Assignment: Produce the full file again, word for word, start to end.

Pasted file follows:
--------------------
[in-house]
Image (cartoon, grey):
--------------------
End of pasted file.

[in-house]
Image (cartoon, grey):